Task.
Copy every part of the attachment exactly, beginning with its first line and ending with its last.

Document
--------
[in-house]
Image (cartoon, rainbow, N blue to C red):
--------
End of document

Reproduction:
[in-house]
Image (cartoon, rainbow, N blue to C red):